Evan Smith - November 25, 2012
LISTEN TO THIS SESSION!
The idea for this curation came to me while doing research on one of my primary musical influences – the great keyboardist and bandleader Sun Ra. Those who have examined his life know that the composer had wide and varied interests in history, theology, and linguistics. Indeed, it is the last of these subjects that will serve as the basis for my compositions and improvisation this week. Sun Ra saw music as a way of giving words meaning, understanding their sounds, and saw music as the “language of the universe.” In his viewing of music as that often-cited “universal language,” Sun Ra approached music as a metaphysical experience not unlike a religious ritual, and a way of expressing the very essence of the universe.
Over this past summer, I would often find myself studying French in the evenings; and, in the course of these exercises, would many times repeat a certain word over and over. As I’m sure many of us have had the experience of repeating a familiar word ad nauseam until its sound has been rendered strange and foreign, the aural sounds that our words produce can have profound implications on our view of music. And, just as something familiar can be made to sound suddenly alien, as we learn new ways of producing words and sounds, the unknown can become almost second-nature. As such, Sun Ra thought of musicians as “tone-scientists” who could rationalize the most shocking dissonance and make meaning out of apparent noise.
Furthermore, we treat our words like music every day – using the building blocks that we have internalized to create different orders that convey different meanings. In the English language, Sun Ra saw a tool of duplicity, where words had multiple, sometimes hidden, meanings and associations (biographer John Szwed notes that Ra thought English to be the “language of the angels (i.e., the Angles).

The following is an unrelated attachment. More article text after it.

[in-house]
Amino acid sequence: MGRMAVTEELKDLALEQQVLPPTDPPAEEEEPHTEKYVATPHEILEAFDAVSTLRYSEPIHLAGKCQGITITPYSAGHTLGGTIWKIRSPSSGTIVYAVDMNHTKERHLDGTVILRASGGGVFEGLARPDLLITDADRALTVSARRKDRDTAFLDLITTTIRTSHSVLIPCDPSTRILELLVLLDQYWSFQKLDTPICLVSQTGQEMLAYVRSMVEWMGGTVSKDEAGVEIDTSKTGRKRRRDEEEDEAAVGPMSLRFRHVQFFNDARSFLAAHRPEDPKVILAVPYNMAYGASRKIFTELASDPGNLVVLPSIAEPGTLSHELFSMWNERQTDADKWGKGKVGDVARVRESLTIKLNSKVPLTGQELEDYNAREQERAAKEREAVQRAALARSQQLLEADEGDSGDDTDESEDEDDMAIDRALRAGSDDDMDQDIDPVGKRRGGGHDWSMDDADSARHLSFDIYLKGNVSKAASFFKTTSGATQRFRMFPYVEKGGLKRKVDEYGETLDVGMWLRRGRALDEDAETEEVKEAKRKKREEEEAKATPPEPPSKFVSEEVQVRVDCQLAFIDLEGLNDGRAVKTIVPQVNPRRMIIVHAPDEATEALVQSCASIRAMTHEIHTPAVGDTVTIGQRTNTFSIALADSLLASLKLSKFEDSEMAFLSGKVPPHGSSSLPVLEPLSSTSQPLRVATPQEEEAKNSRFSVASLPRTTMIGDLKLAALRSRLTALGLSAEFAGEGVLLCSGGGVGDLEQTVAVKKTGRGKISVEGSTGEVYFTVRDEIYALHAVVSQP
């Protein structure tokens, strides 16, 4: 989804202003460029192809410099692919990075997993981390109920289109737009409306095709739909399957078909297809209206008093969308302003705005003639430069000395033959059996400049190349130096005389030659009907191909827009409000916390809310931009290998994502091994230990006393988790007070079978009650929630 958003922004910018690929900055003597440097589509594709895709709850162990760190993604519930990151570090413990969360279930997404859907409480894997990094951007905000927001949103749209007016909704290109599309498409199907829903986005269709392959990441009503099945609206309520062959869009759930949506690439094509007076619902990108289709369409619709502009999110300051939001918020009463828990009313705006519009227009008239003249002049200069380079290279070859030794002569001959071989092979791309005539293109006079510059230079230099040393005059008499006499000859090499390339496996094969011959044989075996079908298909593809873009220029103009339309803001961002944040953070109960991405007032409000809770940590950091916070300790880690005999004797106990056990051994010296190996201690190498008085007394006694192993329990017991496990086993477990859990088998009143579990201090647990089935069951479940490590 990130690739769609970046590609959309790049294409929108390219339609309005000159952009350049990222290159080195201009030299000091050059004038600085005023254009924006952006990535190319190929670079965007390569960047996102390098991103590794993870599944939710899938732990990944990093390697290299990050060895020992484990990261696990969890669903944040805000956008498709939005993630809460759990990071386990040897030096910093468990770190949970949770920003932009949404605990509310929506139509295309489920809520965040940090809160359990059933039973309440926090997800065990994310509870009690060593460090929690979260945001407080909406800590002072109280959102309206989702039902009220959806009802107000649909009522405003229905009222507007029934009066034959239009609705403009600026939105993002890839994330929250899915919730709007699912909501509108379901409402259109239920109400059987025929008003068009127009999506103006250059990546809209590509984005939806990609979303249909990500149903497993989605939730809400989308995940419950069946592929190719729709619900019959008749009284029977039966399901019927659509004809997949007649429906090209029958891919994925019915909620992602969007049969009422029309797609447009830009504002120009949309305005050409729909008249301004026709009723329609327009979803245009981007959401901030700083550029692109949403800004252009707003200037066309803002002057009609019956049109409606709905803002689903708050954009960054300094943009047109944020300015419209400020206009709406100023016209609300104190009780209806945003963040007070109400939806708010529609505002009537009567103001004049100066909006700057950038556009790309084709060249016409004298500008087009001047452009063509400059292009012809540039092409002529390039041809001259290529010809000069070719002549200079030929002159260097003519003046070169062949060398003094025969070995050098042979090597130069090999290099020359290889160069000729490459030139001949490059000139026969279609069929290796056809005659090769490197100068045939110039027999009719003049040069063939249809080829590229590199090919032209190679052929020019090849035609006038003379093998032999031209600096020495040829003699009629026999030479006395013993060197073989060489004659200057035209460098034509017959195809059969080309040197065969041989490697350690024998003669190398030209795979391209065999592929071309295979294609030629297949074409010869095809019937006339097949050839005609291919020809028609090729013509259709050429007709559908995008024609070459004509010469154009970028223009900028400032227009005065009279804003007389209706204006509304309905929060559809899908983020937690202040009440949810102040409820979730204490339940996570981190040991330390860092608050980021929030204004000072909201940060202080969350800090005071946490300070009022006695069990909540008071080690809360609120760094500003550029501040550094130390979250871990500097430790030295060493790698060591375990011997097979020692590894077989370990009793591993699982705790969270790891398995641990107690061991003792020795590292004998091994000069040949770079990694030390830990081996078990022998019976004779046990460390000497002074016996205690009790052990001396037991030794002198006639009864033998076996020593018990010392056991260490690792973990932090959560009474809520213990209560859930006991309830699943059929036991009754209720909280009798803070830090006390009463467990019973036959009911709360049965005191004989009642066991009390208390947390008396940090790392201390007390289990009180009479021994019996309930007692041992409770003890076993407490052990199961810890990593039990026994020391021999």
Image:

So, it is with in the spirit of my long-time inspiration that I will present three new works for my initial Racer curation.
1. Wobble, Squabble, and Squeal for Solo Baritone Saxophone
A three movement work that stemmed from my explorations of quarter tones and multiphonics in contemporary classical saxophone repertoire. Known for its size, I wanted to exploit the spaces “between the cracks” of this large instrument, while giving a nod to its sonic power.
2. Flutter for Five Musicians
Shifting the sonic spectrum, I scored this piece for two soprano saxophones, two guitars, and drumset. I used the title of the work to wholly inspire the compositional elements, and developed some of the very first ideas I had when sitting down to compose the piece. The work pays homage to the title through the similar tessitura of the saxophones and guitars, and relies heavily on trills, pitch sets, and minimalistic repetition. Joining me will be Ivan Arteaga, Jared Borkowski, Simon Henneman, and Chris Icasiano.
I will distribute folded notecards to willing participants with a word or phrase on each, and will subsequently direct their opening and oral repetition while a group of instrumentalists improvise in what should become a Babel of music and language. Or, words meet tones in a no-holds-barred grudge match to the death…
For the improvisations, I will have additional linguistic material in the forms of words and phrases that participants can use if they so desire. This could be done in many number of ways, whether it be exploring an onomatopoeia, exploiting the rhythm of a certain phrase, or focusing on the mood or image a word creates. Of course, improvisations outside the linguistic context are certainly welcome as well.
In closing, in the spirit of Sun Ra, I would encourage everyone to form bonds with new musicians and play unreservedly. Known for crumbling expectations, Sun Ra said that there were no wrong notes as long as they had the correct feeling: “Let it stay in the air. It will be resolved.” I look forward to sharing with you all!